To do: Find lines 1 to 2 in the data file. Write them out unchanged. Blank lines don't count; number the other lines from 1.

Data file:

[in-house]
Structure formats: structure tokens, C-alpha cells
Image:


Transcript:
[in-house]
Structure formats: structure tokens, C-alpha cells